Also called the sorbitol/aldose reductase pathway, the polyol pathway may be implicated in diabetic complications that result in microvascular damage to nervous tissue, and also to the retina and kidney.

Glucose is a highly reactive compound, and it must be metabolized or it will find tissues in the body to react with. Increased glucose levels, like those seen in diabetes, activates this alternative biochemical pathway, which in turn causes a decrease in glutathione and an increase in reactive oxygen radicals. The pathway is dependent on the enzyme aldose reductase. Inhibitors of this enzyme have demonstrated efficacy in animal models in preventing the development of neuropathy.

While most body cells require the action of insulin for glucose to gain entry into the cell, the cells of the retina, kidney and nervous tissues are insulin-independent. Therefore there is a free interchange of glucose from inside to outside of the cell, regardless of the action of insulin, in the eye, kidney and neurons. The cells will use glucose for energy as normal, and any glucose not used for energy will enter the polyol pathway and be converted into sorbitol. Under normal blood glucose levels, this interchange will cause no problems, as aldose reductase has a low affinity for glucose at normal concentrations.

However, in a hyperglycemic state, the affinity of aldose reductase for glucose rises, meaning much higher levels of sorbitol and much lower levels of NADPH, a compound used up when this pathway is activated. The sorbitol can not cross cell membranes, and when it accumulates, it produces osmotic stresses on cells by drawing water into the cell. Fructose does essentially the same thing, and it is created even further on in the chemical pathway.

The NADPH, used up when the pathway is activated, acts to promote nitric oxide and glutathione production, and its conversion during the pathway leads to reactive oxygen molecules. Glutathione deficiencies can lead to hemolysis caused by oxidative stress, and we already know that nitric oxide is one of the important vasodilators in blood vessels. NAD+, which is also used up, is necessary to keep reactive oxygen species from forming and damaging cells.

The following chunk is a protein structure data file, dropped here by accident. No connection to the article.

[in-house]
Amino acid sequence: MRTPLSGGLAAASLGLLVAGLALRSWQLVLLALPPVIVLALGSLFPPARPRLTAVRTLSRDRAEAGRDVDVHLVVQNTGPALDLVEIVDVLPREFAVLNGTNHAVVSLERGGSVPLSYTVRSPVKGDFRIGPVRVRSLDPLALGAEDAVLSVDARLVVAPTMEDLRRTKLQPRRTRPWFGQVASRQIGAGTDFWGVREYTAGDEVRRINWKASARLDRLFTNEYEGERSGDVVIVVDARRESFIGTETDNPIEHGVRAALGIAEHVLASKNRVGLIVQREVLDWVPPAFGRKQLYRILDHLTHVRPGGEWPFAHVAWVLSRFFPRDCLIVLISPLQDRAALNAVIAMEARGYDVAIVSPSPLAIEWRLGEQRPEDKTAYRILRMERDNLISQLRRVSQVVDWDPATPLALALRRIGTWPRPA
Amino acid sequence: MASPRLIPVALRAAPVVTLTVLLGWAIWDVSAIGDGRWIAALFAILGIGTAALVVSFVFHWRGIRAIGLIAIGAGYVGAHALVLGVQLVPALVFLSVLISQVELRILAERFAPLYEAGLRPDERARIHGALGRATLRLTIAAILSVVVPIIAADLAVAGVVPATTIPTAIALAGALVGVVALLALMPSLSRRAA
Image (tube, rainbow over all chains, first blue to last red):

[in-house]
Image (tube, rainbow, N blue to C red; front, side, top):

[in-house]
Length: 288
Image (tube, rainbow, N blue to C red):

Furthermore, the high levels of sorbitol are believed to reduce the cellular uptake of another alcohol, myoinsitol, decreasing the activity of the plasma membrane Na+/K+ ATPase pump required for nerve function, further contributing to the neuropathy.

In summary, excessive activation of the polyol pathway leads to increased levels of sorbitol and reactive oxygen molecules and decreased levels of nitric oxide and glutathione, as well as increased osmotic stresses on the cell membrane. Any one of these elements alone can promote cell damage, but here we have several acting together.

Effects on nerve types

Different nerves are affected in different ways

Sensorimotor polyneuropathy

Longer nerve fibers are affected to a greater degree than shorter ones, because nerve conduction velocity is slowed in proportion to a nerve's length. In this syndrome, decreased sensation and loss of reflexes occurs first in the toes on each foot, then extends upward. It is usually described as glove-stocking distribution of numbness, sensory loss, dysesthesia and night time pain. The pain can feel like burning, pricking sensation, achy or dull. Pins and needles sensation is common. Loss of proprioception, the sense of where a limb is in space, is affected early. These patients cannot feel when they are stepping on a foreign body, like a splinter, or when they are developing a callous from an ill-fitting shoe. Consequently, they are at risk for developing ulcers and infections on the feet and legs, which can lead to amputation. Similarly, these patients can get multiple fractures of the knee, ankle or foot, and develop a Charcot joint. Loss of motor function results in dorsiflexion, contractures of the toes, loss of the interosseous muscle function and leads to contraction of the digits, so called hammer toes. These contractures occur not only in the foot but also in the hand where the loss of the musculature makes the hand appear gaunt and skeletal. The loss of muscular function is progressive.